< script type="text/javascript" src="http://apis.google.com/js/plusone.js">
SUBSCRIBE to my mailing list and get a FREE e-book!    News, book releases, readings, & more!

In the past week, there’s been a sudden tremendous uproar about authors getting fake reviews of their books posted to Amazon and other review sites. Some writers have been caught using pseudonyms to post glowing reviews of their own work, and even worse, using them to post negative reviews of books by their rivals. Other writers haven’t wanted to put in all the time and effort required to defraud people themselves, and have just paid people to write reviews.

(If your first reaction to that news is to smack your forehead and proclaim, “Why didn’t I think of that?” — then please just quietly close your browser window and walk away, because we’re not friends anymore, okay? Okay.)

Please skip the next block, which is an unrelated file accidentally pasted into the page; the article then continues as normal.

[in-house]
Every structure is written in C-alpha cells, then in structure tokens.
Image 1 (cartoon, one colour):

I hear even John Locke, millionaire poster-boy for the self-publishing movement, has bought a ton of reviews, which, you know, kinda destroys any credibility he ever had, really.

Putting aside for a second how lousy and fraudulent this kind of behavior is, all I want to know is — why would you even do that when getting actual, legitimate reviews for your book is not exactly rocket science?

Speaking as someone who’s starting to get a decent number of really fantastic reviews for my books, let me lay out for you how it’s done: